- Infantile spasms
- A seizure disorder of infancy and early childhood with the onset predominantly in the first year of life of myoclonic seizures, hypsarrhythmia (abnormal, chaotic electroencephalogram), and mental retardation. The spasms are sudden, brief contractions of one or more muscle groups, and may be followed by a longer (less than 10 seconds) tonic phase. Most often the spasms occur in clusters during which the intensity or the frequency of the spasms may increase progressively to a peak, decline, or cease. The clusters tend to occur soon after arousal from sleep. They are not a feature of falling asleep. The spasms usually involve the muscles of the neck, trunk, and extremities. Neurological abnormalities other than seizures and retardation — such as cerebral atrophy, congenital abnormalities and hydrocephalus — are commonly reported among children with infantile spasms. Some patients may be treated successfully with either ACTH (adrenocorticotrophic hormone) or prednisone. Newer antiepileptic medications, such as vigabatrin, and occasionally surgical resection of a seizure focus which triggers the spasms, may be useful in selected patients. Infantile spasms represent one of the most devastating seizure disorders affecting infants. Spontaneous cessation of spasms occurs in most patients with increasing age. Overall, however, the intellectual prognosis for patients is generally poor because a large number of these babies have neurological impairment prior to the onset of spasms. Many go on to have different types of seizures in later childhood. The disease is sometimes called West syndrome.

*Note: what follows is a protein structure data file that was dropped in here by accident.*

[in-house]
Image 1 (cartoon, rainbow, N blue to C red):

* * *a rare but serious form of epilepsy that usually begins between three and eight months of age. The spasms are involuntary flexing movements of the arms, legs, neck, and trunk; each spasm lasts 1-3 seconds and is associated with flushing of the face, and runs of spasms occur over a period of several minutes. They may occur many times in one day. The baby fails to respond to human contact and development is usually profoundly slowed. An EEG pattern of hypsarrhythmia is usual and diagnostic. Diagnosis may be delayed as spasms are sometimes confused with colic. Immediate recognition and treatment with antiepileptic medication, corticosteroids, or ACTH offers a chance of arresting the disease, but outcome depends primarily on the nature of the underlying brain abnormality.
* * *infantile massive spasms a syndrome of severe myoclonus appearing in the first 18 months of life and associated with general cerebral deterioration; it is marked by severe flexion spasms of the head, neck, and trunk and extension of the limbs. Called also jackknife seizures or spasms;salaam convulsions, seizures, or spasms; and West syndrome.
Medical dictionary. 2011.